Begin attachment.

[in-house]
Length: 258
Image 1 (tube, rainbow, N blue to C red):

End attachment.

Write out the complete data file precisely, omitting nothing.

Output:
[in-house]
Length: 258
Image 1 (tube, rainbow, N blue to C red):